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COVID-19 Impact: Procedure Deferrals Will Lead to Revenue Declines

After consulting with a host of industry veterans and observers, our guidance recommends that you expect and plan for business disruptions and revenue declines across the board—all companies, all market segments.

In the same breath, we’re confident that the orthopedic market will recover due to demographics and the lasting economic need to keep us all active and productive. The majority of procedures that are being delayed will remain in queue, and new patients will continue to feed a robust orthopedic pipeline.

7 Digital Tools We Wanted to See at AAOS

Robotic systems would have undoubtedly received major play at the Annual Meeting. Numerous technologies from startup to mid-sized companies would have been on display in the exhibit hall—a departure from just a few years ago, when mainly the larger players were talking about these tools. These technologies, primarily in joint replacement and spine, span the continuum of care. Some are being developed and launched alongside dedicated implants and instruments, while others are standalone.

Along with a description of the technology, we pulled together recent strategic activity and development milestones to provide greater insight.

Renovos to Develop Next-Gen Technology to “Tame” BMP-2 Diffusion

Regenerative medicine is an emerging market with solutions to not only heal but also grow tissue and bone. Trauma and disease that damage tissue and bones leave a lasting impact that traditional repair methods have failed to address in the long-term. Further, with life expectancy increases and the prevalence of musculoskeletal trauma in active young people, the need is higher than ever for effective, long-term treatments. 

Renovos is addressing the issue of biological molecule diffusion through a synthetic nanoclay gel technology platform called Renovite. The injectable material stimulates the patient’s stem cells to generate new tissue. With time, it is entirely replaced by the newly-formed tissue at the exact location it was applied.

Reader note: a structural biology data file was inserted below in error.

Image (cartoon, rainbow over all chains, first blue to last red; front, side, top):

Studies Shed Light on Late-Onset Infection

While the spine industry has focused on 3D printed cages, enabling technology and minimally invasive surgery, it has forgotten a critical priority: infection prevention, says Aakash Agarwal, Ph.D., Director of Research at Spinal Balance. He argues that the millions of reprocessed and exposed orthopedic devices in the field should be a significant focus for the industry.

“Every upcoming technology in the field of orthopedics focuses on precision and efficacy, with the intention to boost performance (healing) and safety,” he said. “Avoiding reprocessing and intraoperative exposure is the most obvious (and also most neglected) safety measure in the orthopedic industry. Fixing this problem will be a major leap toward patient safety.”

We asked Dr. Agarwal four questions about what his recent research found and ways to handle infections.

Orthobiologics Face Pressure from Lack of Clinical Evidence

In the race to capitalize on patient-driven interest in stem cells, biologic solutions and “regeneration” of a more vital, healthy and functional body, there has been an explosion of offerings that lack scientific controls, validity and meaningful evidence.

The opportunistic avarice of companies and physicians in response to patient demand has led to mercenary behavior that has begun to sully the field’s reputation. There are those who believe, however, that new regulatory guardrails, and a return to conscientious management of our precious healthcare resources, will swing the pendulum back to a state of more principled product promotion and patient care.

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